In Feature

It’s November on the other side of the world, and in Grafton, about 400 miles north of Sydney, Australia, a canopy of jacaranda trees covers the town of 18,000 like a blue blanket. The annual festival celebrating them is wrapping up, tourists are leaving, and petals flutter down to form a fragrant carpet on streets and playgrounds. On the outskirts, another scent hangs heavier.

Under a sign that sports a giant red hammer and the sponsor’s name, Bunnings, customers queue up to grills. Volunteers tend them, which, like the tents and gas, are provided by the big home-improvement store chain. “Cook onions,” the manager suggests. “The smell attracts hungry people.” Today, Happy Paws, a pet-rescue nonprofit, might net several thousand dollars at what’s known as a “sausage sizzle,” community events where civic groups nationwide raise millions. (Imagine a spicy, pale hot dog.) “People absolutely love them,” says Jason Murphy, a millennial in Melbourne who began visiting the events as a kid. “It gives you a community feel.”

Inside a similar store 60 miles down Australia’s eastern Pacific coast in Coffs Harbour, it smells of fresh paint and concrete poured a year earlier. North Carolinians could confuse its blue front with their hometown Lowe’s, down to the words “home improvement.”

Its sign says Masters, though, and Tar Heel customers, who’ve shopped for 71 years at the state’s greatest retail success story, would be jolted by the yellow “store closing” banner hanging limply across the building this morning. As the automatic doors wheeze open and shut, signs flank them warning, “Last 5 days.”

It’s been eight years since Lowe’s Cos. forged a joint venture with Australian retail giant Woolworths Ltd. to dethrone Bunnings, a long-established hardware chain. The announcement came as the U.S. housing market was crashing, while Australia was one of the few major world economies still growing. But in the end, Bunnings’ hammer came down hard, smashing Lowe’s and its now estranged partner and their Hydrox Holdings joint venture.

Woolworths’ losses could total $3 billion to $4 billion, while Lowe’s, currently locked in acrimonious, court-ordered arbitration, will probably write off less than the nearly $1 billion it initially invested in 2009. The first of the 150 planned Masters stores opened two years later, in 2011. By the time Masters wound down last year, hemorrhaging $200 million or more annually, only about 60 stores were built.

At the end of its fourth quarter 2015, Lowe’s wrote off $530 million, and nine months later, the corporation swallowed another $290 million in losses. Now, Lowe’s and Woolworths are fighting over the value of Masters’ carcass. Lowe’s values residual inventory, real estate and other assets at  $467 million, possibly much more. Woolworths argues Masters is worthless. The relationship has turned testy, marked by a boardroom confrontation in which Lowe’s accused Woolworths members of “ambushing” it and employing other nefarious tactics. In response, an Australian federal judge hustled the duo into private arbitration.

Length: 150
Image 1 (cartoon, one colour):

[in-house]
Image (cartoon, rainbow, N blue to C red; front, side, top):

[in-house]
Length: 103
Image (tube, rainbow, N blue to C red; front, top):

Officials of the companies decline to discuss the arbitration talks, citing the court proceedings. Even if it takes a $900 million hit, the Masters experience is not a devastating dent for the North Carolina company started by Lucius Lowe in North Wilkesboro in 1921. It had more than $3 billion in earnings in its recent fiscal year, on sales of about $65 billion. With 2,129 stores, the business is now worth more than $70 billion, making it North Carolina’s third-most valuable company behind Bank of America and Duke Energy. The company took only a one-third interest in the Aussie venture and hedged even that with a put option, allowing it to bail out at a set price that two-thirds owner Woolworths had to pay.

“Even from the beginning, the fact that it was a joint venture minimized the Lowe’s risk,” says Alan Rifkin, an analyst who tracks the retailer for New York-based BTIG LLC, a global investment banking, trading and brokerage firm. “It also put a ceiling on their profitability, but they went about it the right way.” Australia, though 9,500 miles away, is an attractive market for American companies because of its common language and an economy that is expected to grow by more than 3% annually over the next two years — faster than the U.S.

Even at Lowe’s scale, however, losing hundreds of millions of dollars is noteworthy, representing a cautionary primer in the pitfalls of global investment as increasing numbers of other homegrown Tar Heel companies ponder foreign expansion.

“The long and short of it is, if you’re a company that’s very competitive in a large country, you have a lot of advantages going global,” says Jan-Benedict Steenkamp, a professor and author on global branding at UNC Chapel Hill’s Kenan-Flagler Business School. He has no direct dealings with Lowe’s, though experiences of other Tar Heel businesses such as Krispy Kreme Doughnuts Inc., based in Winston-Salem, underscore his point. It’s now successful in 31 countries. “But it’s sometimes more challenging for you, the company, to understand that not everybody wants to be like you.”